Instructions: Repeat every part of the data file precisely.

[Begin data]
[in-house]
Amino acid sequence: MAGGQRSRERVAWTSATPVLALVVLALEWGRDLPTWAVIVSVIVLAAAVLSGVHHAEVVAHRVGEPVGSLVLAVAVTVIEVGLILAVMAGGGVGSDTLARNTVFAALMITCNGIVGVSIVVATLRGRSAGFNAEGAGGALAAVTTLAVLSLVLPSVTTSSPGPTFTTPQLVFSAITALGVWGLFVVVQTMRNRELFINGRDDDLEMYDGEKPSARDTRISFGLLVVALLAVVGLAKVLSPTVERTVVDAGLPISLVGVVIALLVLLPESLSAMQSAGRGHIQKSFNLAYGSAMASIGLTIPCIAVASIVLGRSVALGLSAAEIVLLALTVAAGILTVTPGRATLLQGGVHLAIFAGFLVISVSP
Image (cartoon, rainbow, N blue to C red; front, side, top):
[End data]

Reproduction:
[in-house]
Amino acid sequence: MAGGQRSRERVAWTSATPVLALVVLALEWGRDLPTWAVIVSVIVLAAAVLSGVHHAEVVAHRVGEPVGSLVLAVAVTVIEVGLILAVMAGGGVGSDTLARNTVFAALMITCNGIVGVSIVVATLRGRSAGFNAEGAGGALAAVTTLAVLSLVLPSVTTSSPGPTFTTPQLVFSAITALGVWGLFVVVQTMRNRELFINGRDDDLEMYDGEKPSARDTRISFGLLVVALLAVVGLAKVLSPTVERTVVDAGLPISLVGVVIALLVLLPESLSAMQSAGRGHIQKSFNLAYGSAMASIGLTIPCIAVASIVLGRSVALGLSAAEIVLLALTVAAGILTVTPGRATLLQGGVHLAIFAGFLVISVSP
Image (cartoon, rainbow, N blue to C red; front, side, top):